Learning Lifesaving, Skills for Life
Updated: Aug 10, 2018
Published in the Athlone Topic & Tarrhail magazine
Diving into the deep-end, Water Safety Instructor Morgan Fagg, takes the Athlone Topic on a tour of Water Safety Week.
There are three Water Safety Weeks held in Athlone Regional Sports Centre each year, one at Easter and one held at the start of both July and August.
The Water Safety Weeks focus on Water Safety and Rescue skills and involve two hours of training per day. One hour in the water and the following hour talking about lifesaving tips, first aid and resuscitation. This second hour also takes a literal hands-on approach to teaching CPR.
The August Water Safety Week was held in Athlone Regional Sports Centre from August 1 to Friday 5 and diving into the deep end, we can see children as young as ten, performing some of the water safety skills they have learnt over the five day course.
Water Safety involves, firstly, personal safety as no one wants to see a second person getting into difficulty and also ways to help and assist a swimmer in distress or person who has falling into water.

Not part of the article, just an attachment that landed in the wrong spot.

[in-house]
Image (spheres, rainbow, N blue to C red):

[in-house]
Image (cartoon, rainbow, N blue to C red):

Wearing clothes, the young swimmers practice throwing ringbouys, rescue ropes and performing reaching rescues.
Many items are often to hand which can be thrown to a person in need such as an oar, a broken branch, ringbouys and even clothes such as a towel or jacket that can be flung at a person to grab onto. Children learn to recognise dangers, water hazards and various ways to help perform a rescue without ever having to get into the water.
In the other end of the deep end, rescuers will focus on helping people who cannot easily be helped out of the water such as people who are unconscious.
Water Safety Week is an ideal way for young people to improve their swimming, water fitness and learn life saving skills that will last a lifetime, such as CPR and resuscitation.
Practicing straddle jumps, allow people to enter the water quickly with the aim of keeping your eyes and head above water, diving into unknown or murky water would be dangerous.
Unlike competitive swimming, the children will have to keep their eyes out of the water and fixed forward. It is not a race but rescuers must quickly recognise the dangers and be able to keep their eyes on where they are going and also possibly on a person in distress.
Reaching rescues allow people to literally give someone a helping hand as many people fall into water close to shore or near boats.
Never get into the water unless absolutely necessary and remember two very basic pieces of lifesaving equipment are ringbouys and mobile phones. You might have to call for help.
999 and 112 are the two emergency numbers and 112 is available throughout Europe, for further details about learning to swim or future lifesaving courses, contact Athlone Regional Sports Centre.